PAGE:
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Vocational Education: The Way Forward?

Vocational Education: The Way Forward?

Vocational Education: The Way Forward?

The common knowledge that society places a high value on white-collar jobs has made many parents want academic success for their children as they consider vocational education – otherwise known as blue-collar jobs – the profession of the less privileged. The problem is that many institutions do not teach students the necessary hands-on career skills, contributing to fierce competition for jobs among many graduates.

A critical way to tackle this is to equip youth to be more independent and create a direct interest with employers recognised by various government bodies. Its recent allocation of RM6.6 billion to rebrand and empower TVET (Technical and Vocational Education and Training) through the Government-Industry TVET Coordination Body (GITC).

This shows the relevance of skills knowledge amid the incorrect perception by many who consider vocational education irrelevant or an afterthought. In reality, vocational education and training have witnessed a significant upsurge in the world’s developed countries. It opens doors to a limitless array of careers in creating various employment and micro-entrepreneurship opportunities.

With the Malaysian government offering recognition to the Malaysian Vocational Diploma, vocational education will be at par with academics. This makes it a worthy career pathway to increase one’s chances of becoming employable.

Why is Vocational Education and Training Important?

For many years, vocational education programmes that prepare young people for employment suffered neglect due to the lack of avenues for career aspirations for youth. In reality,  the skills needed for the workplace are beyond what is being taught in academia as technological advancements continue to impact expectations at all levels of the workplace.

Besides academic skills, the workplace also requires hands-on and practical career-specific skills that prepare students and employees for an ever-emerging workplace. With such skills, students could identify their interests and future goals. Needless to say,  tertiary institutions only provide the necessary theoretical knowledge that applies to various professions.

Since vocational education and training provide a foundation for skills acquisition, career education equips students with job-specific skills. It becomes more suitable for high school or graduate students who seek an opportunity to be gainfully employed after school and youths who want to acquire enterprising hands-on skills and traits.

Do it RIGHT with WorkReady Asia!

As part of the vision of Infrastructure University Kuala Lumpur (IUKL), it has joined forces with EDUK8U Grad School Asia (EGSA) to help upskill young people leaving school and or Polytechnic institutions by establishing the VirtuePayz Innovation Lab and International Career Development Centre for vocational and technical programmes on campus. This is also in line with the resolve of the Malaysian government to prioritise technical and vocational education and training to ensure development in occupational fields.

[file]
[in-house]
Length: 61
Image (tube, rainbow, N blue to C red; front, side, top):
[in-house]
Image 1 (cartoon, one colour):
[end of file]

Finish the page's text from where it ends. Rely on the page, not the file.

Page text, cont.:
The career courses include (1) Technical Line Specialist, an industry-based programme specific to Semiconductor electronics manufacturing (the Semiconductor Industry Association forecasted sales to exceed USD 553 billion in 2021). (2) A Security Supervisor Certification with UK Standards, a programme that equips people with awareness of Responsible Business Alliance global standards, people management requirements, surveillance, and safety training skills to protect property and ensure compliance with various health, safety, and security guidelines. (3) a Payroll Certification programme equips young people with lifelong payroll processing skills. (4) the UK Level 1 Certificate in Horticulture and (5) the UK Level 1 Certificate in Hospitality.

Such vocational and technical programmes teach students skills that match business and market demand. As such, these programmes are coordinated with the labour market requirements. These programmes also have direct jobs and international working opportunities in Australia, Singapore, the Middle East, and Japan.


In summary, vocational programs offer a valuable opportunity for youth as well as unemployed graduates to acquire the exceptional skills and knowledge needed for employment. By providing hands-on training and job placement opportunities, these above mentioned programs enable individuals to jumpstart their careers and avoid the stress and uncertainty of job searching in a competitive labor market.

Author picture

Dr. Roy is the Group Managing Director & Chief Executive Officer and holds responsibility for the overall strategic management & leadership in achieving the graduate schools’ vision & goals. His own belief for lifelong learning, as well as his drive for business management excellence, has brought him to achieving his passion for being part of the postgraduate education sector in Malaysia.

Dr Roy Prasad

(Hon Professor) FInstAM 

MHRM (MY), Grad Mgt (AU)

Group Managing Director &
Chief Executive Officer

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